Child Within

 


I.

A little girl sits on a bench,
swings her legs 
and reads from her book 
of a thousand and one jokes.

I glimpse, in that act, 
a young woman,

and I am thrilled
and deeply
shaken
at once.


II.

A look crosses a woman’s face, 
flashes 

for less than a moment,
too fast 
to be
more than
barely seen.
The girl that once was
comes passing through
a passing thought 

and is caught  
—only not caught—

and gone before 
she is known 
for what she is
or what she was,

left with only the 
memory of 
an expression
of memory

passed beneath the surface.

The little girl is gone.




III.

A little boy cries out
from an old 
man’s face,
 
the sad one,
the lost one, 
the last one, 

beyond comprehension 
of a hard-won heart.

The learned self-given healing

—even that—
is gone.

Pain 
as can only be known
to a child is

carried on and on,
a burden that one 
never wants to open.
 


IV.

A son is asked 
by his father

—but it is the cry of the lost boy,
ripped from somewhere deep 
in the old man’s throat—

“Will you be my mommy?”

How can a son answer this,
when his father does the asking?

Is this what it feels like to be born?
To lose forever the warmth
that is still (but now only) 
known from within?

We find us both 
lost past longing
and long past lost.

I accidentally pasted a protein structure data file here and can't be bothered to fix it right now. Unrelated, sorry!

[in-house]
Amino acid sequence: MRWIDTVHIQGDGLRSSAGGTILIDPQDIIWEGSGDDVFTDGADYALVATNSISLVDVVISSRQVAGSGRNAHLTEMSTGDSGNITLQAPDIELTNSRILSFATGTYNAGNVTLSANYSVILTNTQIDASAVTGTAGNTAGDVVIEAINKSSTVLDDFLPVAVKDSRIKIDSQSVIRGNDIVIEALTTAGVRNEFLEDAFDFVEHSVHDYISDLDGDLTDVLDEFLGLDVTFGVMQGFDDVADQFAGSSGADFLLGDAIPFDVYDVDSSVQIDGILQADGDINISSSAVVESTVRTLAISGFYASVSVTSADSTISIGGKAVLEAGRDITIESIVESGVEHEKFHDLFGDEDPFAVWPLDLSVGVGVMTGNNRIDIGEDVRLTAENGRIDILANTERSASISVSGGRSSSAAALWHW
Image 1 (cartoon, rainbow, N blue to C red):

Incomprehensible  
why this happens to any of us,
this slap that is existence.

A son is carried by his father
for so many years that he is
shocked to realize he is no 
longer being carried, surprised
to find himself standing with 
his own legs under him.


V.

A little girl sits on a bench,
swings her legs 
and reads her book 
of a thousand and one jokes.

I glimpse, in that act, 
a young woman,

and I am thrilled
and deeply
shaken
at once.





“what we see is never what we touch” — over there

Image

 

 

 

(the title of the series comes from “The Wings of Daylight” by W. S. Merwin)

 

Songs of Fictive Moments: As you left







I did not listen to your leaving
as you left. I did not hear 

the floorboards creaking, the scrape 
of your fingernails on the wall

down the hall, the click-click
of them on the doorknob, the 

catch-cracking of the latch opening 
or the scream of the hinge of the door. 

No, I did not hear them at all.
I stayed where I was in my chair

with my thoughts and my drink
and my stare but I did hear you stop.

I heard your breath catch in your throat.
I heard the hesitation in your step,

your two desires pulling you apart, 
pulling you to pieces right there 

on the threshold, right there in the hall.
I heard the split in you. All these things 

I heard as you stood there, the house 
ticking around you, the floor 

stretching away down the hall.
I heard your cheek almost touch 

your shoulder, your chin almost 
touch your collar bone and then 

I heard your head whip back to 
front, the snap of the earth back 

into place. The slam of the door
I did not hear, and again

the silence as I sat. I 
was firm in the fabric  

of the seat of the chair.
I was sewn there.

My skin tore 
as I tried to rise.

So I didn’t.
So I let you.








(The third piece in a series of unrelated pieces that are somehow, in my mind, related)